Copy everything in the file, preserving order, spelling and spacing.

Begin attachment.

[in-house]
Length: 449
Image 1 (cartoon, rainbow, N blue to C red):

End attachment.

[in-house]
Length: 449
Image 1 (cartoon, rainbow, N blue to C red):